INTERIOR: the ground-floor plan consists of a two rooms to either side of a central entrance hall, at the end of which is a step up to a staircase hall, also with a room to either side. The ceiling of the entrance hall has a deep moulded cornice and the floor is tiled; the front door upper panels and overlight are glazed with stained and plain glass in a geometric pattern. The doors to the front rooms to either side of the hall have six double recessed panels and retain original door furniture. Both rooms contain ornate plaster ceiling roses and deep moulded cornices, but the original fireplaces (as elsewhere in the house) were removed in the late C20 and have been replaced with reclaimed examples of varying dates.
The opening between the entrance and stair halls has ornate consoles to either side. The room to the left of the stair hall has a door with five fielded panels and contains a cast iron fireplace and a slightly less elaborate ceiling rose than those to the front rooms. The door to the room to the right is similar to those to the front rooms and has a decorative brass fingerplate. The panelling and fireplace are not original. The service rooms to the back contain little historic detail.
To the right of the stair hall is an open tread dog leg stair with handrail with volute end and curtail step, its ornate newell post and twisted balusters with base and tops with delicate tendril decoration. At mezzanine level a door gives access to rooms to the rear; there is a narrow arched window with coloured margin lights at the turn of the stair, and a domed roof light above. The landing has a single room to either side; an opening between the landing and a corridor giving access to three rooms at the front of the house has decorative consoles similar to those to the ground floor.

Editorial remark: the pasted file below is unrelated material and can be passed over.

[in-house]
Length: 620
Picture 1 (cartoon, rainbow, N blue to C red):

The cellars have brick arches and niches for storage.
SUBSIDIARY ITEMS: to the north and west of the house is a low brick wall, towards the corner of the street meeting square brick piers capped with stone. These are set wide apart at the pavement, with walls curving inwards towards the house to either side of the steps that rise to the front door. To the south of the steps is a door to the garden.
Listed building text is © Crown Copyright. Reproduced under licence.